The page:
- Competitive local exchange carriers (CLECs) provide both local and long distance service and market UMS to their customers.
- Resellers aggregate traffic and provide discount long distance service and UMS to their customers.
- Unified messaging and personal communications service providers with in-house switching capability, such as TeleSpace, that offer MyLine and similar services to all consumers and businesses.
4.3.1 Business Participants
The personal telecommunications and unified messaging system sub-industry of the overall telecommunications market is a new, technology-driven, and immature industry characterized by a high growth rate, low barriers to entry, several large, and many small, competitors. The industry evolved during the last ten years as a spin-off the the telecommunications de-regulation, and subsequent explosion in competition and technological innovation. Overall industry sales should continue to accelerate for at least the next three years as consumers learn they can have their own unique local and 800 phone numbers for anyone to find them anytime, anywhere. Several industry leaders have emerged including:
- AT&T: The overall industry leader is expanding both vertically and horizontally into new markets and technologies and will probably have an impressive UMS.
- Excel Communications, Inc. is a wholly-owned subsidiary of Teleglobe, Inc., a large public telecommunications company. Excel is aggressively marketing its UMS.
- Linx Communications, Inc.is a leading national communications service provider which recently received venture capital financing. See Competitors, Section 4.3.3.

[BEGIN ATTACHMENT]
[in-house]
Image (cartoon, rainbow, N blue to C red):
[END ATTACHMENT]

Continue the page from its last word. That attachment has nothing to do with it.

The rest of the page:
- Nextel Communications, Inc. is a large public company providing digital and analog wireless communications services throughout the U. S. See Competitors, Section 4.3.3.
- Sprint PCS offers a wide variety of UMS services marketed primarily to its long distance customers.
- Voice Mobility, Inc. is a public company offering UMS for CLECs, wireless and other communication providers. They offer a MyLine clone to providers who re-market to their consumers.
There are numerous small competitors, the primary of which are described in the competitor section.
4.3.2 Competition and Buying Patterns
The primary buying factors in personal telecommunication systems are price, accessibility, and ease of use. There is significant brand loyalty based on the company’s experience with its current customer base. Once an individual has acclimated to the MyLine system and memorized the access routine, he tends to be reluctant to switch to another service. Very much the same attitude prevails in consumer long distance, where demonstrable savings fail to sway a large segment of the population to switch carriers. AT&T still has over 60% of the market even though they are the highest cost carrier in a commodity business. Powerful branding and advertising, even with premium pricing, will create a significant barrier to competitors taking our customers. Being the market leader, like AT&T, will strengthen the company’s branding position and also make it more difficult for the competition.